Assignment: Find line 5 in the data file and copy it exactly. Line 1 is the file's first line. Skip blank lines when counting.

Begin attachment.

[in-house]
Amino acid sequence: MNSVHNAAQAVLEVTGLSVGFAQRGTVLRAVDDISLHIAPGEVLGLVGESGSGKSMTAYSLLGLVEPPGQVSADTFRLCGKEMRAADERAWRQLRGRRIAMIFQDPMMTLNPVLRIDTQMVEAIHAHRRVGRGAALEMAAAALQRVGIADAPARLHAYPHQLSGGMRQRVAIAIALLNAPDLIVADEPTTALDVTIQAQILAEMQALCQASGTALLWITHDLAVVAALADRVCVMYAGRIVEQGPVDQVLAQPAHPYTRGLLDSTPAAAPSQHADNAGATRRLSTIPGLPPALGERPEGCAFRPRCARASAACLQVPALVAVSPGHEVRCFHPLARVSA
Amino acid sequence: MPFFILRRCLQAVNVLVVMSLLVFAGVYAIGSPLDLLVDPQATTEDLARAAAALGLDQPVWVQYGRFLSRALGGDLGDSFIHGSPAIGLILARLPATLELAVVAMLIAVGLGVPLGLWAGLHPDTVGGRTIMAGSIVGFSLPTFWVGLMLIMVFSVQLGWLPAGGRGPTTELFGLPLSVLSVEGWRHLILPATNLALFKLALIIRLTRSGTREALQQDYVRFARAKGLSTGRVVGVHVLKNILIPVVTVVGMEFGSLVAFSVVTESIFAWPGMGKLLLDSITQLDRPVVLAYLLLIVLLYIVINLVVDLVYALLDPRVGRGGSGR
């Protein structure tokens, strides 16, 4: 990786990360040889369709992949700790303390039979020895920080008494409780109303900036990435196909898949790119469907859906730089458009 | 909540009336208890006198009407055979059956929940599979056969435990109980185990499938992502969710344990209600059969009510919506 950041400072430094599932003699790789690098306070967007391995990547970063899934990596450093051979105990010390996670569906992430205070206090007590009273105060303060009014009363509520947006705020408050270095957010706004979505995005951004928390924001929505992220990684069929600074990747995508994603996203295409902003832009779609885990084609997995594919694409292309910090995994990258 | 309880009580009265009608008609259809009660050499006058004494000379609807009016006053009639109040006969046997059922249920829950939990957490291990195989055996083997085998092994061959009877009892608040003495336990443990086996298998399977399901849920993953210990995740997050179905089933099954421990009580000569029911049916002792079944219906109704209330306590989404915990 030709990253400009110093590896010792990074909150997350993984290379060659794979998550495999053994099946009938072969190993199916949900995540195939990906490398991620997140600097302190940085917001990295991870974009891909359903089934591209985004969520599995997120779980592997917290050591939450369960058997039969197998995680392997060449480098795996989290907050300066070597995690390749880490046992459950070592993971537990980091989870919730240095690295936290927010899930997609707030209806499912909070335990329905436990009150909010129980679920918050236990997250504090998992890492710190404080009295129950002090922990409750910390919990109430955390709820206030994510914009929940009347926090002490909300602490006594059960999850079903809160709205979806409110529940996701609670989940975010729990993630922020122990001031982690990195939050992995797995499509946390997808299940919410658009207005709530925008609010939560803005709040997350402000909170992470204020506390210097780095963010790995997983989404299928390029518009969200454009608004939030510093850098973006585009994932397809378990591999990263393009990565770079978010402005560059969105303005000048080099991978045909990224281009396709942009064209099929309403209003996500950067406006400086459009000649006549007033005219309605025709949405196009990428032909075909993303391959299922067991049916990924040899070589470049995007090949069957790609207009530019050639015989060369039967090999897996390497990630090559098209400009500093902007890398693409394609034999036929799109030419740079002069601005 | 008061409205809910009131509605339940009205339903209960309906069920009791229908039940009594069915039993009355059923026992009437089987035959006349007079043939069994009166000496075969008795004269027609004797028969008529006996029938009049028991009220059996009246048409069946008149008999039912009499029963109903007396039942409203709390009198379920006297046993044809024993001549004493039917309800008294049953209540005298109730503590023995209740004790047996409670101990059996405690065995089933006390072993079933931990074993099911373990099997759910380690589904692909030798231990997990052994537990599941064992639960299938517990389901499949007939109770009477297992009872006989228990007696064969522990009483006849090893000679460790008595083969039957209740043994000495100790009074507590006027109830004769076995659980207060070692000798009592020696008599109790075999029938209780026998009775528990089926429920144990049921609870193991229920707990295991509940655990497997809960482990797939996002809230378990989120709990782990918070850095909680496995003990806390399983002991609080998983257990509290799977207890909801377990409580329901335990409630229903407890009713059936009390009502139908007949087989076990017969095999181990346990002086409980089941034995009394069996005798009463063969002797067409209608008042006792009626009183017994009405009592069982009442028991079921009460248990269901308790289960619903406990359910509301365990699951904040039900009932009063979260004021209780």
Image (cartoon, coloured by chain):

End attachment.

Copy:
Image (cartoon, coloured by chain):